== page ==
Your call will guide my lagging course as wearily I go.

 

Call back, and tell me that He went with you into the storm;
Call back, and say He kept you when the forest’s roots were torn;
That, when the heavens thunder and the earthquake shook the hill,
He bore you up and held you where the very air was still.

 

Oh, friend, call back, and tell me for I cannot see your face,
They say it glows with triumph, and your feet bound in the race;
But there are mists between us and my spirit eyes are dim,
And I cannot see the glory, though I long for word of Him.

 

But if you’ll say He heard you when your prayer was but a cry,
And if you’ll say He saw you through the night’s sin-darkened sky
If you have gone a little way ahead, oh, friend, call back—
’Twill cheer my heart and help my feet along the stony track. —Lettie Cowman

Book Reviews From 2016

We Should Be Better Christians

clouds-and-water“We should be better Christians if we were more alone; we should do more if we attempted less, and spent more time in retirement, and quiet waiting upon God.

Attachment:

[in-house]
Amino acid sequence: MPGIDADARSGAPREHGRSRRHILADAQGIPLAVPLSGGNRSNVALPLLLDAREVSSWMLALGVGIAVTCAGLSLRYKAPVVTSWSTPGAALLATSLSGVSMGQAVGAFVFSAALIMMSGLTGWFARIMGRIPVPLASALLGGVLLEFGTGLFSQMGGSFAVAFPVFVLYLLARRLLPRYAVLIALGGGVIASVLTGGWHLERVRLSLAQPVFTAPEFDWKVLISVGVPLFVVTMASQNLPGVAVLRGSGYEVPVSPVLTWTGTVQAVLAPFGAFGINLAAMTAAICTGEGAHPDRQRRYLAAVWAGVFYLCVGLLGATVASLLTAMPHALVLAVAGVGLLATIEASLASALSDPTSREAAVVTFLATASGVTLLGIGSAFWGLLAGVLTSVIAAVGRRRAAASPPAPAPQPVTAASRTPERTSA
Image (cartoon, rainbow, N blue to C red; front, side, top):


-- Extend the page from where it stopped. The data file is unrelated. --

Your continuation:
“The world is too much with us; we are afflicted with the idea that we are doing nothing unless we are fussily running to and fro; we do not believe in ‘the calm retreat, the silent shade.’ As a people, we are of a very practical turn of mind; ‘we believe,’ as someone has said, ‘in having all our irons in the fire, and consider the time not spent between the anvil and the fire as lost, or much the same as lost.’

Yet no time is more profitably spent than that which is set apart for quiet musing, for talking with God, for looking up to Heaven. We cannot have too many of these open spaces in life, hours in which the soul is left accessible to any sweet thought or influence it may please God to send.” —Lettie Cowman

%d bloggers like this: